Flexible Finance Options - Buy Now Pay Later (12 months Deferred Payments) or 12 Months Interest-FreeFind Out More
Planning permission is something that gives many UK homeowners a serious headache. Even fairly minor home alterations require planning permission, and the laws can be fairly complex. This quick guide isn’t designed to replace specialist advice, but it should give you an idea of what you’re getting in to with your planned home improvements, and help you to figure out what questions to ask before you start.
Planning permission is necessary for more alterations than you might think. In some cases, even getting a new satellite dish installed may require planning permission. Don’t assume that your conservatory installation work is “minor” and won’t need permission. It only takes a few seconds to pick up the phone and ask, and it could save you a lot of grief in the long term.
Make sure you document all of your conversations with the council. If you have any doubts, seek expert advice.
If you live in a period property or a listed building, then the planning permission process could take longer than it would for a more modern property. In general, modifications to a period property must be sympathetic to the original design. So, you might struggle to add a modern glass conservatory to a Victorian property. Try to work with the council, and be creative to come up with mutually acceptable solutions.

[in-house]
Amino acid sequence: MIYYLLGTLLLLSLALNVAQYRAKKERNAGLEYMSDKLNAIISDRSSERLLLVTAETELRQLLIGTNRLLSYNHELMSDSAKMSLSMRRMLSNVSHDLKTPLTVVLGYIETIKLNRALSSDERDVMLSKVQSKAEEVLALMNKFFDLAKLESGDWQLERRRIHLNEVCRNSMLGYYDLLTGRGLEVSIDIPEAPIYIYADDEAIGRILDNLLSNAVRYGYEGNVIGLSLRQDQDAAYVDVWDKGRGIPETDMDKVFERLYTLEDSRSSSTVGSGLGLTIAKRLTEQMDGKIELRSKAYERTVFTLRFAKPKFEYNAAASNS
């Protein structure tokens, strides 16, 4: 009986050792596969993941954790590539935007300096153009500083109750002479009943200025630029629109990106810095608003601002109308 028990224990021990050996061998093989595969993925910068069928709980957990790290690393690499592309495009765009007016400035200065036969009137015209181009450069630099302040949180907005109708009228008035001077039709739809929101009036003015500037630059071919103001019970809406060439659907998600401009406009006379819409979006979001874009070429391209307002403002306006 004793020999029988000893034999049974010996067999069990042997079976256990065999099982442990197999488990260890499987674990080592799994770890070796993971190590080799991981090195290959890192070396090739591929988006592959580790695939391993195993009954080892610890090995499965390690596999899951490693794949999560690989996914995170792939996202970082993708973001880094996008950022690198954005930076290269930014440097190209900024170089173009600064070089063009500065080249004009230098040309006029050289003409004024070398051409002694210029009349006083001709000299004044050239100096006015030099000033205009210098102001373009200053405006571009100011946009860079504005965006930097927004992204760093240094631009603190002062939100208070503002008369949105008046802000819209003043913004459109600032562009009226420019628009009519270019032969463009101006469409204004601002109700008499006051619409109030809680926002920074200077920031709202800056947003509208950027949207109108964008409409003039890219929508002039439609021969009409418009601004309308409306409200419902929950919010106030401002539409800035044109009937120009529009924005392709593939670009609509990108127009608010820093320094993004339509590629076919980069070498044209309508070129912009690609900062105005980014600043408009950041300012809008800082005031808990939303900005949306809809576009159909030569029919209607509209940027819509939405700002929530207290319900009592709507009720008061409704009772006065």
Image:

You can make the process go more smoothly by having as much information as possible prepared before you contact the council. There’s a lot of paperwork to think about, and having all the information you need at-hand will make life a lot easier. At a minimum, have the following written down:
Most councils charge a fee to process planning permission applications, however they may be willing to give you a discount, or waive the fee in some circumstances. You can’t count on this happening, but it’s worth asking if there’s any help available for the kind of work you have planned.
It’s rare for planning permission to get denied, but that doesn’t mean that you can just submit the paperwork and then start building right away. Your application may be approved, but with minor modifications. Wait until you have permission before you start work.
Home extensions and conservatories are a common cause of feuds with neighbours. If you are planning major building work, talk to your neighbours and try to work with them to minimise the disruption to their daily routine. Having your neighbours on your side can make life a lot easier while the work is going on.
You can find out how to apply online by clicking here.